However, Grubb makes the point that of the Blackwater’s many fine and historic houses (Edmund Burke, Nano Nagle and Hennessy Cognac among their connections), 126 remain occupied. Not least of these is Camphire, now renowned for its international horse-trial events.

 

Formulating programme

Events are to the forefront of Grubb’s mind now as with the assistance of Emily, Nicholas, neighbours and a small committee, she is formulating an enticing programme of rallies, tours, feasts, boat trips and musical entertainment.

The International Genealogical School will visit the nearby site of the Battle of Affane,when the FitzGerald Desmonds were defeated by the Butler Ormonds in 1565. The battle site is close to the river Finisk which is bridged by the Hindu-Gothic folly first built as a wedding celebration for that same Henry Mount Stuart, Baron Decies.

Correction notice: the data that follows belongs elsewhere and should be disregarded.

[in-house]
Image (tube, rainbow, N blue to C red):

A beech-lined avenue near Aglish leads to the little church of St Patrick, built by Henry in 1826 for his Catholic tenants in the Drum Hills. Currently trying to identify just the right kind of cherry tree to plant next July in memory of the Old Countess of Desmond, if Grubb can be distracted by anything at the moment, it is by the proposal to erect wind turbines on these Drum Hills, the very heart of the territory known from earliest times as the Decies. Dromana 800, dromanahouse.com; the 16,000-item Villiers-Stuart archive is at UCC’s Boole Library.